“Everything was new at Wimbledon,” Rybakina said after hitting nine aces in the semifinals to raise her tournament-leading total to 44. “Now I more or less understand what to expect.”

That could come in handy Saturday, when she will face No. 5 seed Aryna Sabalenka of Belarus. Sabalenka reached her first Grand Slam title match at age 24 by beating unseeded Magda Linette 7-6 (1), 6-2 in Thursday’s second semifinal.

Sabalenka improved to 10-0 in 2023, winning all 20 sets she has contested this season.

More importantly, the victory over Linette gave Sabalenka her first taste of success in a Slam semi after going 0-3 at that stage until now, losing each previous attempt by a 6-4 score in the third set.

Rybakina and Sabalenka employ a somewhat similar brand of tennis, relying on big serves and big hitting at the baseline. Sabalenka is far less cautious, though, and her penchant for high-risk, high-reward play was evident against Linette, who had never before been past the third round in 29 appearances at majors.

Sabalenka finished with a whopping 33-9 edge in winners, but also compiled more unforced errors – including a trio that led to a break at love by Linette in the opening game.

The key to both semifinals turned out to be a first-set tiebreaker. Azarenka lost the mark on her strokes, for the most part, making things smoother for Rybakina, while Sabalenka raced to a 6-0 lead in hers. It wasn’t the case that each and every shot Sabalenka hit landed right on a line, but it must have seemed that way to Linette.

“In the tiebreaker, I really found my rhythm,” Sabalenka said. “Started trusting myself. Started going for my shots.”

Rybakina’s win over Azarenka, the champion at Melbourne Park in 2012 and 2013, added to what already was an impressive run through a string of top opponents. She also beat No. 1 Iga Swiatek and No. 17 Jelena Ostapenko – both owners of major titles – and 2022 Australian Open runner-up Danielle Collins.

“For sure, they’re very experienced players,” said Rybakina, whose parents and sister have been in town throughout the Australian Open. “I knew that I have to focus on every point.”

She delivered serves at up to 117 mph (189 kph) and stinging groundstrokes that she used to close points seemingly at will on Thursday. Her performance was particularly noteworthy against a returner and defender as established on hard courts as Azarenka, a former No. 1 and a three-time runner-up at the U.S. Open.

“Kind of hard to digest,” Azarenka said. “Obviously, I had quite a few chances that I gave myself.”

Rybakina is just 23, 10 years younger than Azarenka, and the future sure looks bright at the moment.

Rybakina might be seeded just 22nd in Melbourne, and ranked just 25th, but those numbers are rather misleading and not indicative at all of her talent and form. She did not get the usual bump from her title last July at Wimbledon, where zero rankings points were awarded after the All England Club banned players from Russia and Belarus because of the invasion of Ukraine.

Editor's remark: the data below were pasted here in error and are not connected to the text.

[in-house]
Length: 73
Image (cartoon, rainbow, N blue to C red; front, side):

Rybakina was born in Moscow; she switched to Kazakhstan in 2018, when that country offered to fund her tennis career.

It was breezy and chilly at Rod Laver Arena from the start of Rybakina vs. Azarenka, with the temperature dipping below 70 degrees Fahrenheit (20 degrees Celsius).

That had a role in the way the first set was as much of a seesaw as can be, with each player seeming to gain the upper hand – and then ceding it just as quickly. Both found the conditions slowed down the tennis balls.

“Kind of misjudged a lot of balls,” Azarenka said.

Rybakina encountered similar issues and her occasional inconsistency was encapsulated by the very first game. She began, inauspiciously enough, with a double-fault, before holding with the help of three aces.

Azarenka nosed ahead by breaking for a 3-2 lead on a leaping, full-extension volley winner with both women at the net. Rybakina, though, broke right back, and then once more to go up 5-3.

Azarenka saved a set point at 5-3 with a terrific down-the-line forehand passing shot, wound up taking the game with a backhand she accented with a shout of “Let’s go!”

A mistake-filled tiebreaker ended with Azarenka pushing a forehand wide to cap an 11-shot exchange, and the set belonged to Rybakina. She broke at love for a 2-1 lead in the second, and while they competed for another 25 minutes, the outcome was never really much in doubt.

Sure, Rybakina again faltered for a bit while trying to serve out the victory at 5-2. No one expected Azarenka to go quietly. But one last break, aided by a double-fault from Azarenka, allowed Rybakina to take another step toward another trophy.

“Ready,” she said, “to give everything I have left.”

Paul, McDonald on US Davis Cup team; Nainkin interim captain

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Mike Frey/USA TODAY Sports
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WHITE PLAINS, N.Y. — Australian Open semifinalist Tommy Paul and the player who eliminated Rafael Nadal at Melbourne Park, Mackenzie McDonald, are among the players picked by interim captain David Nainkin for the U.S. Davis Cup team’s matches at Uzbekistan next week.

Nainkin’s appointment was announced Friday, three weeks after Mardy Fish’s tenure as captain ended.

Nainkin has been with the U.S. Tennis Association since 2004. He will be assisted against Uzbekistan by Dean Goldfine, who coached 20-year-old Ben Shelton during his quarterfinal run at the Australian Open.

Paul beat Shelton in that round before losing to Novak Djokovic on Friday night.

The other members of the U.S. roster are Denis Kudla, Rajeev Ram and Austin Krajicek. Kudla replaces Jenson Brooksby on the team.

The matches will be played on indoor hard courts on Feb. 3-4.